yes John. It’s what so many of us have been stressing over and over again for more years than I can remember. An intelligent, motivated adult beginner can assemble materials, analyse videos and the like and get to sound well but learning the violin is actually a very systematic process in which a good teacher of necessity makes decisions about what is needed next to create a solid foundation as well as a critical ear. A beginner does not have the abilities yet, but through the medium of a teacher should acquire them so that they can gradually become independent learners, formulating their own path. It is worth remembering that Perlman always went back to his teacher, DeLay whenever he returned from a concert tour to get advice about the state of his technique and so on.
It is unfortunate if someone is deadly serious about learning but has no access to any kind of teaching.
Cheers,
Buri
March 22, 2021, 6:21 PM · I too endorse Dancla Airs Varies. Dancla Twelve Easy Fantasias for Violin and Piano, Op.86 are a way to just relax into some easy, lovely music.
March 22, 2021, 7:28 PM · Congratulations on your progress so far. You must know, however, that nobody can really evaluate that progress without watching you and hearing you, because it's one thing to play an A major scale and quite another to play it properly.

I suspect also that the Dancla pieces are too advanced for now. For pieces, I recommend Suzuki Book 2 and Barbara Barber's "Solos for Young Violinists" Book 1 (just the first half of the book for now). For studies I recommend the 60 studies in first position by Wohlfahrt (Pine edition).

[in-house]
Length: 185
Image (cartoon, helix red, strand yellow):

I second Buri's recommendation of the videos by Julia Bushkova. Among his suggestions I would start there.

March 22, 2021, 7:46 PM · Yes. Wohlfart. Very nice! (Except when sheep do it)
Cheers,
Buri
March 22, 2021, 8:52 PM · It takes a lot of voles to compete with one sheep.
March 22, 2021, 9:32 PM · One of the most important things a teacher does is watch one's technique and form. I had several flaws in my form because of some elementary positioning things I had forgotten and I ended up with a serious hand injury. It turned out the form flaws were easy to fix except that I had burned them in with assiduous practice.
Edited: March 22, 2021, 9:38 PM · Greetings,
exactly Ann. Thanks you for offering that. An example which I have found some professionals also don’t know about (!) is how to place the jaw on the jaw (chin rest). That is, in order not to create tension in the spine and therefore through the the whole system, one has to learn to do this in -two- steps. Turn the head on a horizontal plane and -then- drop. Failure to do this results in a slight kink in the upper vertebrae. I suppose it is possible that there are self taught beginner violinists who are aware of this issue, but honestly speaking I have yet to come across one.
Warmest regards,
Buri
March 23, 2021, 3:16 PM · There is this Sevcik (I think) study where there's a trill one line, note one-line thing. Very good for developing finger strength and independence. It will help you if you ever have double-stop runs.
March 23, 2021, 3:41 PM · Stephen, There is a week one Suzuki exercise for that I remember. Now I go through some gyrations to get my double chin positioned. I need to invent a fat sling for violinists.
March 23, 2021, 5:05 PM · Mike,
if I ever have double stop runs I make sure to have a pile of good books in the powder room.
Cheers,
Buri
March 23, 2021, 6:13 PM · It's better than having kinky vertebrae.
March 23, 2021, 9:05 PM · you’ve been binge watching Jurassic Park again haven’t you?
March 24, 2021, 8:39 AM · I am a highly motivated adult returner. ....started playing again after over 50 years. (!)
I have had a lot of bad luck with lessons, not of my making and wonder what advice anyone can give me please . Does violin teaching by zoom work ?